Thursday 15 November 2007

Working insecurity

The SAS and SBS are both elite bodies of trained killers. So how come SCS is a shed full of cut-priced sofas? When it was just a local business in the North East, I used to murmur “I served in the SCS” to suggestible young women at London parties, confident that they would never twig what it meant. Now that that grinning bloke out of Eastenders is endlessly on the box nationwide, advertising their unrepeatable bargains, that particular line in harmless mendacity is closed to me.

I had dinner on the train from London years ago with a bloke on his way back from a meeting of a high level working party on foam. As in the stuff they use to pack sofas, rather than the stuff they use to put out fires. At that stage, the two sorts of foam had completely different properties, with the sofa kind being inclined to burst into flames whenever a slumbering member of the working class casually allowed a cigarette to drop from his or her fingers. Served them right, I thought, until my dinner companion pointed out that it was a bit hard on their innocent kiddiz, asleep in their cots upstairs, who tended to perish from the resulting toxic fumes.

Anyway, this bloke claimed to have founded SCS, so I asked him what it stood for. “Sunderland Suite Centre”, he replied. Yes, I’m still trying to work it out, too.

The nearest I’ve ever come to contact with the SAS was in March this year. I’d spent an agreeable evening at the theatre in Newcastle with an attractive young lady, then we’d driven back to her remote home in the Northumberland countryside. She’d cooked me supper and we’d drunk a couple of bottles of wine. As bedtime approached, she announced that she had something she felt she had to tell me. This proved to be the hitherto unsuspected existence of what she described as a “f***-buddy”, who had moved on from the special forces to international security, and who had promised her that any man who ever hurt her would “disappear”.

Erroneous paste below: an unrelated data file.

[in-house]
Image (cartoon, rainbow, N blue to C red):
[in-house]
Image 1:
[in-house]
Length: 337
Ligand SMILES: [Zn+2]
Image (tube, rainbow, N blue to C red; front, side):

My throat went very dry.

“Does he have much of a track record of making people disappear?” I enquired, as casually as I could manage.

“Oh yes.”

“You don’t find that in any way troubling?”

“Quite the reverse. Knowing that he’s around makes me feel very secure.”

Funny, I thought. It’s having precisely the opposite effect on me.

“Tell me,” I said, reflecting that I was about three times over the drink drive limit and that in any event my car contained about half a pint of petrol. “If we go to bed together now, what are the chances of this fellow kicking your front door down in the middle of the night?”

“Absolutely none whatsoever. You can set your mind at rest on that.”

All my tension left me in an instant, like the hydrogen exiting the R101 as it ploughed into that French mountainside.

“Thank Christ for that,” I said. “He’s on an assignment overseas, is he?”

“No,” she replied. “He’s got a key. Why would he kick the door down when he’s got a key? He’s not some sort of idiot.”

It was a very long and sleepless night. I never got to meet the SAS man, but I still look over my shoulder far more often than I ever used to.

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